Lee Soulja on Vjuan’s legacy:

“Vjuan updated the sound of Ballroom, which is based on a lot of tradition. Songs that are played for the categories, like 'To Be Real', and 'Love Is the Message' are records that have been played since the seventies. Vjuan remixed all of that. Your Diana Ross songs that the girls always used to walk face—Vjuan had remixes for all of that. So, he kept the tradition of playing those songs—but he was also giving them new life, a breath of fresh air, and he's passed that kind of music on to your MikeQs, and Luckys, and Angel Xs—all of them. The new generation of Ballroom DJs today are a subset of Vjuan. He taught them and helped raise them. Those are all Vaughn's children.”

Thank you, DJ Vjuan Allure. We speak your name.

Vjuan Allure: An Icon Tribute (mixed by Jay Jay Revlon)

London ballroom staple Jay Jay Revlon has created a mix paying tribute to Vjaun Allure. Built entirely from Vjuan's track and excerpts from an in-depth interview he gave to Nordic ballroom figures Samuli Emery and Paula Vuorela in the summer of 2020, it's a rich and impactful listen, packed full of hard-hitting sounds and inspiring knowledge.

Jay Jay Revlon: "I wanted to do justice to such a deep interview, filled with so much information from a man who touched and blessed many, and was overall gummy bear short, sweet and a joy. There has been features and tributes to so many DJs and artists, and I feel Vjuan hasn't got it which is crazy, so when the interviewer asked me I just had to try and make something big for Vjuan: as loud as life like him. The mix is all Vjuan Allure orignals he gave to me after we first met at my ball in Shoreditch . He not only he blessed us with a set, but blessed me with music, so here it is with little nods of wise wisdom."

Samuli Emery and Paula Vuorela: "In summer 2020 two actives from the Nordic ballroom scene, Samuli Emery and Paula Vuorela, began organising online ballroom talks for their local communities to fill the void that the global pandemic had left the ballroom scene with. They invited established and influential ballroom personas from around the world for online conversations, aiming to educate and inspire the Nordic ballroom community.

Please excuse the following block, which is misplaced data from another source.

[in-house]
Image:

"The final online conversation of the summer had the Iconic DJ Vjuan Allure as its distinguished guest. Vjuan Allure was selected as a guest for this conversation due to his remarkable achievements and impact as a producer and DJ, his vast knowledge about the global ballroom communities and their histories and his inspiring presence. Known worldwide as a staple of ballroom music and as a beloved member of the community, he was the perfect person to invite for an online exchange with the rapidly growing Nordic ballroom scene.

"The conversation, spanning over two hours, touches on various topics including Allure's personal journey in the ballroom community, different ballroom houses he is affiliated with, the work of the DJ, the history of ballroom music, among many other topics. The questions were collected in advance from the participants and in the end there was also a moment for an open conversation and Q&A with the Icon himself."

Ricky Tucker is a writer, activist and author of And the Category Is...Inside New York’s Vogue/House/Ballroom Community, follow him Instagram

Jay Jay Revlon is a DJ, dancer and staple of London's ballroom scene, follow Jay Jay on Instagram